With the e-commerce example, we observe the necessity for caution when using caches. Software engineers need to be considerate about choosing when the cache is deemed invalid and in need of updating.
My above scenario now becomes one revolving around the concept of cache invalidation. Software engineers need to consider the following question.
Perhaps instead of 24 hours, our team of software engineers for e-commerce sites decides to bring the cache invalidation timing down to a matter of a few seconds.
Now we ask again the same question.
If the product manager updates the pricing of a product, is it acceptable that a consumer receives that update a few seconds later?
Now we get to the famously challenging part of caching, as the software engineer's situational awareness is put to the test.
Consider the following cases for the second cache invalidation idea: Is the product a time-sensitive sale, or always an offering on the website? Do these particular products have high visibility and lots of traffic that could impact large sums of users?
Perhaps if the product is time sensitive, or has the potential of being time-sensitive, then maybe even a few seconds is not good enough for cache invalidation. If the product is always an offering on the website, a few seconds is not the end of the world. In cases of high visibility and traffic, perhaps a few seconds would not be doable for purging the cache. It becomes far more likely that a large volume of users will receive this outdated information.
The demand for in-depth reasoning, careful consideration, and meticulous information gathering of cases makes decision-making for caches a genuine challenge for software engineers.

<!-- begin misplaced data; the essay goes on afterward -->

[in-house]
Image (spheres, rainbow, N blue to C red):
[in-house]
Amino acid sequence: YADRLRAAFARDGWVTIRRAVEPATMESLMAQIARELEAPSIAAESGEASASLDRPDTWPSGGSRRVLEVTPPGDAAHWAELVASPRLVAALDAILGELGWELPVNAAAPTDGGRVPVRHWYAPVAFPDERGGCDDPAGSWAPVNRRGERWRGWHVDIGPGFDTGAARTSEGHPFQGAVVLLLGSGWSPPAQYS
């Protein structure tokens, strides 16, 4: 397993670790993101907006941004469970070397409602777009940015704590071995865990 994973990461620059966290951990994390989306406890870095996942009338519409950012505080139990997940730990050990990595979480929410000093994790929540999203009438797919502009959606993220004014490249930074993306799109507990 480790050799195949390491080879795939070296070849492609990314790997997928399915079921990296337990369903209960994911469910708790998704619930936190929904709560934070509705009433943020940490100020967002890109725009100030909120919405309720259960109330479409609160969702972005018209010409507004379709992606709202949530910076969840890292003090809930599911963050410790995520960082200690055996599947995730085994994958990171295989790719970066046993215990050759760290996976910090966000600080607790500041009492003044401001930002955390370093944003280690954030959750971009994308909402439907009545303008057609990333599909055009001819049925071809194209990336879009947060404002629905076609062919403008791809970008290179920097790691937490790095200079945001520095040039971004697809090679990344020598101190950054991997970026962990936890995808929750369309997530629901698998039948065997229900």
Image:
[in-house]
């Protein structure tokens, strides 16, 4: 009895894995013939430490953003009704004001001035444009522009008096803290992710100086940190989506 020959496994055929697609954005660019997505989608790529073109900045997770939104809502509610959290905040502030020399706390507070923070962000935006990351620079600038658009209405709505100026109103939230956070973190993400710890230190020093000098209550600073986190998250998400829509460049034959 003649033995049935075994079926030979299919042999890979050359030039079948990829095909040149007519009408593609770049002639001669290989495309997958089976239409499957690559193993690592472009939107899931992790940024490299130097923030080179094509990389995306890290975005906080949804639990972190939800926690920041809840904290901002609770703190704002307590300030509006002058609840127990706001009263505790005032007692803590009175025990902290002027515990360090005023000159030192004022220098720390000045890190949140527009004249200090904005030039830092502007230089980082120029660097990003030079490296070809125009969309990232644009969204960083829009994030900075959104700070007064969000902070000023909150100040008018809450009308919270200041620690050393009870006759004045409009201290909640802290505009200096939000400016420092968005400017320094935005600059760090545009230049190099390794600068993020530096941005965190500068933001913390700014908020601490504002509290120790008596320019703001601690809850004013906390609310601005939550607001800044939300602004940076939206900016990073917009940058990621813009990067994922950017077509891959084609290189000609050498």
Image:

Overhead and Complexity
The balance software developers need to strike to avoid stale data while improving application efficiency and performance is in fact overhead. Caching can become far more complex if they go by methods besides timestamps, which makes it harder for developers to maintain the code written and understand the source of problems if they arise.
Engineers typically rely on a variation of problem-solving methodologies to avoid these potential issues, but naturally, such alternative methods introduce even more complexity. Again, situational awareness is key. Engineers need to understand the implications of the decisions they make, for the sake of both users and their own coworkers!
Bear in mind that a little can get you a long way. Don't let what-if scenarios bog you down and deter you from huge performance gains.
The main benefits of caching are:
- Reduction of load on backend services
- Predictable Performance
- Application Performance Improvements
The potential cons associated with caching:
- Outdated/Stale data
- Poor choices for cache invalidation
- Overhead and Complexity
Happy caching everyone!